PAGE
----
Dance/movement therapy is a complementary modality that is being explored for symptom control and for improving the quality of life of patients with cancer, especially pediatric patients. Self-expression as well as the creative and interpersonal aspects of dance/movement therapy can help patients get in touch with their innermost feelings, which can empower and support adaptation and symptom management
DANCE/MOVEMENT therapy, known as dance movement psychotherapy in Europe, is a synergy between psychotherapy and the self-expressive, communicative elements of dance, creating a body-mind emotional connection to enable participants to share feelings that may be difficult to express with words. It is defined by the American Dance Therapy Association as “the psychotherapeutic use of movement to promote emotional, social, cognitive, and physical integration of the individual, for the purpose of improving health and well-being.”
Dance/movement therapy in a medical setting provides psychosocial support during conventional and standard medical treatments.
Although dance is in the title of the modality and may be incorporated into the session, dance/ movement therapy encompasses a wide variety of activities, including movement, guided visualization, mindfulness, as well as body and breath awareness, creating an emotionally inviting milieu to support self-expression. Sessions are conducted individually or in groups (and can include family and friends) and may incorporate both movement and verbal expression.
Providing emotional outlets during cancer treatment is especially important, for cancer is a complex illness. It takes a profound toll on patients and on all those close to patients, causing emotional reactions that can be extreme and not easily expressed verbally.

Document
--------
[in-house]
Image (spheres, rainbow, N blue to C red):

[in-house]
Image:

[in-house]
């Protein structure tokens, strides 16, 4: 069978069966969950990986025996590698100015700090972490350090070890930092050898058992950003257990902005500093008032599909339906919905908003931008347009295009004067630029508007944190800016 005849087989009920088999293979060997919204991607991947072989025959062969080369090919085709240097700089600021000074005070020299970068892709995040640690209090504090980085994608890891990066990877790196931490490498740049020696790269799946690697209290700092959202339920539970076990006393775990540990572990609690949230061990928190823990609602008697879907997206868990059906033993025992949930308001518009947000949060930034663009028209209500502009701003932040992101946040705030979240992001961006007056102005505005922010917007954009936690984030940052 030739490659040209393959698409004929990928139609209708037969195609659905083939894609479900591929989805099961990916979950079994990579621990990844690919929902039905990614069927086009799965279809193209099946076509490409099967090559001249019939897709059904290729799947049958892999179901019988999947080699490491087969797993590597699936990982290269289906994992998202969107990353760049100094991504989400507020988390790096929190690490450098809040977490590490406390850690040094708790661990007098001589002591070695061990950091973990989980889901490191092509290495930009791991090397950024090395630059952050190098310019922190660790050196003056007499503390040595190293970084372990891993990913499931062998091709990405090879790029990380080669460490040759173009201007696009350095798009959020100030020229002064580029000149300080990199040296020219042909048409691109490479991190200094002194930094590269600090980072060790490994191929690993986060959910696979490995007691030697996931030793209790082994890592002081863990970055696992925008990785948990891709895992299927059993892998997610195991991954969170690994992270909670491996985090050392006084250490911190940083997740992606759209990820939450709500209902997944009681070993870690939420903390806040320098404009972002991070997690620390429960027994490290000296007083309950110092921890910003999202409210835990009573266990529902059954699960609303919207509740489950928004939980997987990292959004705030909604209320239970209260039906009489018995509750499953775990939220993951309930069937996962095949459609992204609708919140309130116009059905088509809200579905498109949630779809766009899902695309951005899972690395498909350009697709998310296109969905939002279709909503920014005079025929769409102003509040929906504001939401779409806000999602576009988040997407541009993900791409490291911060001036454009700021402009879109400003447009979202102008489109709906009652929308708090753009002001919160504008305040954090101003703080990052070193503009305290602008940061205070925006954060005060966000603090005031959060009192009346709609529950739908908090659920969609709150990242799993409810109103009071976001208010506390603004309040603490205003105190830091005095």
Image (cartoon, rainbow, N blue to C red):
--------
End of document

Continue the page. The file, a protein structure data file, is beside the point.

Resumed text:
The goals of dance/movement therapy in cancer care include improving quality of life, physical and cognitive fatigue, and pain management; enhancing self-expression related to unresolved grief, anxiety, fear, depression, and feelings of isolation; enhancing self-esteem; and strengthening patients’ connection to personal resources through imagery and metaphors.
THE MULTIDIMENSIONAL, self-expressive, creative, and interpersonal aspects of dance enable patients with cancer to get in touch with personal feelings, building a sense of self-efficacy that empowers them as well as supporting adaptation and symptom management.4 “Dance therapy offers a more diversified and less monotonous approach compared to conventional fitness programs. Dance therapy focuses more intensely on the entity of body and soul, supporting coordination, creativity and activation of resources such as emotional stability in addition to building and maintaining a social network that enables mutually beneficial experiences that might evolve into a support group.”
CLINICAL RESEARCH involving dance/movement therapy is limited. In the only study in pediatric cases involving 16 children with a brain tumor receiving chemotherapy, individual creative arts therapy sessions using dance/movement, music, and art therapies were compared with receiving attention from a volunteer. Improvements were found in parents’ report of their pain (P = .03) and nausea (P = .0061), along with improved mood (P < .01), excitement (P < .05), feeling happy (P < .02), and less nervous (P < .02).8
Dance/movement therapy was also evaluated in the breast cancer population. In a randomized study of 139 patients undergoing radiotherapy, dance/ movement therapy (six 1.5-hour group sessions, twice a week for 3 weeks) was reported to significantly affect perceived stress, pain severity, and pain interference (P < 0.05) when compared with the control group.10 In a follow-up study with 104 patients, those who received dance/movement therapy during radiotherapy benefited more than patients who received it 1 to 2 months after completing treatment. Patients reported improved coping with cancer symptoms and treatment; improved well-being and appreciation of self and body; total functioning; bridging back to a normal life; and participating in a shared positive experience.
Pediatric dance/movement therapy is a highly requested modality used for pain management, psychosocial and family support, as well as palliative and end-of-life care.
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Source ASCO post